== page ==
The advent of metabolic precision medicine

Kirk Pappan, Translational Science Team Lead and Jonathan Kitley, Scientific Content Creator at Owlstone Medical explain why genes are just part of the precision medicine journey.

To date, most research around precision medicine has focused on what can be achieved through genetics and genomics. That makes logical sense as a starting point, as genes are the foundations of biological systems. However, when it comes to disease mechanisms, genes are only part of the story.

The complex relationships between individual genes, molecular pathways and disease phenotypes make it challenging to understand diseases, their causes, and potential treatments from genetics alone. With the maturation of other ‘omics’ fields, a continued focus solely on genetics may be leading us to an incomplete view of what can be achieved through a tailored approach to healthcare. Environment and experience, reflected in the human metabolome, offer more direct indicators of a patient’s current health at any given time.

The metabolome – the full complement of all biochemically relevant small molecules in the body – provides a comprehensive and current snapshot of changes within the body. As a close reflection of phenotype, the metabolome is much more directly and diversely affected by disease and offers a more applicable way to assess the presence, development and treatment of a wide range of illness. As such, metabolomics could realise the true potential of precision medicine by analysing the combined downstream impact of genetics, environment and disease.

This article will discuss the relative advantages of metabolomic analysis and the challenges that have been overcome to enable it to be applied in precision medicine. This will be illustrated through examples of non-invasive metabolomic analysis, such as breath research, for applications including asthma, liver disease, gut health, and cancer – with an emphasis on the additional information available through this approach.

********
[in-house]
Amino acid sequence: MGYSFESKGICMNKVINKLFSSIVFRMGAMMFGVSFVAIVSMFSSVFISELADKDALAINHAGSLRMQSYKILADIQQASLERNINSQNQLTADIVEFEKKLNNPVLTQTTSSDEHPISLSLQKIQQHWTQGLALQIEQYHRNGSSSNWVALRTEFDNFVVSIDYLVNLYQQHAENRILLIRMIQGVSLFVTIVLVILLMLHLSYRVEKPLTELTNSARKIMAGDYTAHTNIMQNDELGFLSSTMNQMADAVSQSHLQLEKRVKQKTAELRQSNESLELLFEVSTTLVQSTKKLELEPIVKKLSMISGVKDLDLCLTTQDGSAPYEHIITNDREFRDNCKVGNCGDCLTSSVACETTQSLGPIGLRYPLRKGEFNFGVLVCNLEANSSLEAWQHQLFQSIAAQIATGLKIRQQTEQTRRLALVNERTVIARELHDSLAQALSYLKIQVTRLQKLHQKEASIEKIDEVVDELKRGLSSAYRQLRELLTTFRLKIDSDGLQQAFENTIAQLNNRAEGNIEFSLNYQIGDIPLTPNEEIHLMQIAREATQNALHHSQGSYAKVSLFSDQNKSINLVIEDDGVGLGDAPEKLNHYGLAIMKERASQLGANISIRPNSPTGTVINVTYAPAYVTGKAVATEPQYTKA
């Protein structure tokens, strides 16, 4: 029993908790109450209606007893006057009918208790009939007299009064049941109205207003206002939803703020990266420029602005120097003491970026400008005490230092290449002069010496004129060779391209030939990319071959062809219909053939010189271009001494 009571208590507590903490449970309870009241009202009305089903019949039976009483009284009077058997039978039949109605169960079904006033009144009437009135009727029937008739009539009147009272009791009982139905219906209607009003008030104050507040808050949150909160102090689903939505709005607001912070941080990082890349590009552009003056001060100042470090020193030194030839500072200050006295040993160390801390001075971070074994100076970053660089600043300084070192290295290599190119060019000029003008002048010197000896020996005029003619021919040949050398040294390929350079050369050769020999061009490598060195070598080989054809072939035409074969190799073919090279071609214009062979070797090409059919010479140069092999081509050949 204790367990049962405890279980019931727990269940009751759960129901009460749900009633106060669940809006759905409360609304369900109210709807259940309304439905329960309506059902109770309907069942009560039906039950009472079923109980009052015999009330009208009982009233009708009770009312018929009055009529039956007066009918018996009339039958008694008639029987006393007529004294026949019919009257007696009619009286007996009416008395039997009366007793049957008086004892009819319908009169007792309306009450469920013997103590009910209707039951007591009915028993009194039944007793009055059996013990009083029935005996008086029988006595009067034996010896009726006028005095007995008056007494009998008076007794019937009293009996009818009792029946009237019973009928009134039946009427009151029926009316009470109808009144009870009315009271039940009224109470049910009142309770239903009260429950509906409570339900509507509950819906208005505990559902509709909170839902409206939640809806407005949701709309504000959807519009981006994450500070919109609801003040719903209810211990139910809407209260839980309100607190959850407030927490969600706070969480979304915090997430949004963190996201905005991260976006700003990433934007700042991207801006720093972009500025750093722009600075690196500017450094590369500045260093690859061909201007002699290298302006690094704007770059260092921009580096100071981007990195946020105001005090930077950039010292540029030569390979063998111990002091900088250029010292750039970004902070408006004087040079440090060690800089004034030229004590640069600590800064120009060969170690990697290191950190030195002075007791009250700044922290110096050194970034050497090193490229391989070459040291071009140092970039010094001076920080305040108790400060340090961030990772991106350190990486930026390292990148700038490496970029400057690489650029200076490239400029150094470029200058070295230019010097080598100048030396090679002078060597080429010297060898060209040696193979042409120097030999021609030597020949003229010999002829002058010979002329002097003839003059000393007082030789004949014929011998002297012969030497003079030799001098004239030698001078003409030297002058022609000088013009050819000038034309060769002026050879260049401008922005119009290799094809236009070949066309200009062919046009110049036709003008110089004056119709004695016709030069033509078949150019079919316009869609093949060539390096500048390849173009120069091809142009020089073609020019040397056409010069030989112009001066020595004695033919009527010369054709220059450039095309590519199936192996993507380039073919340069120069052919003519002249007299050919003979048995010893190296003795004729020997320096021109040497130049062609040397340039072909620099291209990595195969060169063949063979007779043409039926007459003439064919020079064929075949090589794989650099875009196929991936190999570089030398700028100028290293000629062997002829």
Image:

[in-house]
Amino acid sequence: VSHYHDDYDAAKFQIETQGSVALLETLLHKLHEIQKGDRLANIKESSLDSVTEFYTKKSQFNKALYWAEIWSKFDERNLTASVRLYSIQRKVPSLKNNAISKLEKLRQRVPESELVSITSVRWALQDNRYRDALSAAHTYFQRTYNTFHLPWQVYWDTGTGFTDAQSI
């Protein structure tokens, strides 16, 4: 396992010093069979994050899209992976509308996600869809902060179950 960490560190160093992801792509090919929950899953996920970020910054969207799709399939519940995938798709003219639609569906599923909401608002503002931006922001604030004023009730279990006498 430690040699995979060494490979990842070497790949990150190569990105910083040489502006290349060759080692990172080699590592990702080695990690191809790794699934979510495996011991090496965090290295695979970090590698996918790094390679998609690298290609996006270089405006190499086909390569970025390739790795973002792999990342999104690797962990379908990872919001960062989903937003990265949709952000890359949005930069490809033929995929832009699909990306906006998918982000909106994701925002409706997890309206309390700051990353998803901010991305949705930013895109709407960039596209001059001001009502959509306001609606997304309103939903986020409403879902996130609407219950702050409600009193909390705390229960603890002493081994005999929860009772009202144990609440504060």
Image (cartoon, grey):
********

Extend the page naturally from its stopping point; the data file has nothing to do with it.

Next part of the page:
What is metabolic precision medicine?

Genomics is currently the dominant force in precision medicine thanks to the relative ease and reliability of established methods for collecting and interpreting genetic information. Metabolomics offers a more diverse, albeit more complicated, source of information linked to the human body’s metabolic networks. Perturbations of these networks are the underlying mechanisms of disease, reflecting not just genomics but also environment, and changes to the metabolome can directly reflect real-time disease progression.

Genes are not typically changed by disease (except in certain cancers and viral infections), so they cannot usually reveal whether a patient is ill, instead suggesting a predisposition towards developing a particular illness at some point in their life (e.g., BCRA1suggesting an increased risk of breast cancer). In contrast to genes, the relative abundance of proteins and their locations often change in response to illnesses, however accessing suitable protein samples can be particularly challenging and is still insufficient to capture all forms of disease.

Metabolites are small and are readily circulated throughout the body in the bloodstream. Therefore, sampling these metabolites provides a consistent window into disease, including at its earliest stages. Metabolic biomarkers also offer high sensitivity as the effect of a change to a single gene or protein can be amplified to a difference of 100s of metabolite molecules.